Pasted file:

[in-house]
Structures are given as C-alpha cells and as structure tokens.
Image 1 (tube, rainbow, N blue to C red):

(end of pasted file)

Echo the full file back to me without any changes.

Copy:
[in-house]
Structures are given as C-alpha cells and as structure tokens.
Image 1 (tube, rainbow, N blue to C red):